|Written by Staff|
|Saturday, 19 September 2009 11:52|
A compilation article quoting various members of glowsticking.com
"The glowsticking and rave scene was created to not have crews, to not have gangs, and to not have someone trying to be the best. Many of you probably don't realize this and that's what is so sad. The "scene" has been watered down so heavily over the years by various outside influences that it has turned into something that allows these people who form crews another venue to show off and alienate others.
"People that join crews usually end up in the same place for similar reasons - it's not for love of the art but for love of the applause."
"Being in a crew isn't worth anything. Too many instigators think that topping one another would be the right thing to do. If someone went in a circle because one of their so called "friends" told them to go in and top another person, that wouldn't be a friend. It's just an instigator that's saying something just to make someone go in and make a fool of themselves.
"The culture has become so corrupt that problems are no longer settled on dance-floors, they're settled in hospitals.
"Take it way back to the year 1997. Then, unlike now, was all about PLUR. It was tight enough that acceptance was easy. Raving was all about how you felt in the moment, not about technique. No one cared how "good" you were, only that you were having a great time and feeling two things: good vibes, and the music. At no time were we (that were) in the "underground" about ruining that. It stayed that way until it hit mainstream around 2000. It became flyer based and the music shops started broadcasting raves in general; before that it was word of mouth. Everyone wanted in, and the hip hop generation laid claim to it. No offense to the hip hoppers here, it's not everyone. But crews were (and still are) a big deal in the hip hop club scene. Once that happened everyone began this competition movement, trying to be better than everyone else, destroying the harmony that started the scene. As accepting as "true" ravers are (or "were" in this case) we let it in and didn't realize our mistake until it was too late."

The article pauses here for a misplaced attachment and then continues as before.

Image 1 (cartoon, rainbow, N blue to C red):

"People get discouraged and hurt. Tempers flare. Injuries, broken scenes, deaths-- battling (and crews) have directly or indirectly caused all of these."
"Glowsticking.com as a community has worked hard to protect, develop and promote the art of glowsticking. Please respect our contributions and efforts by not battling and competing. It's about sharing the knowledge, sharing the love...Not about who's the best."
"To put it bluntly, crews do not belong in rave and glowsticking culture, they belong in hip hop culture-- which was founded on individualism and survival. Crews set people apart from the rest of the rave and glowsticking community, which is not what the rave and glowsticking culture was founded on. Our culture was founded on an open, caring and sharing outlook toward others at the events and in the scene. Crews go directly against this aspect of the culture."
"No one is an island."
|Last Updated on Monday, 16 May 2011 10:50|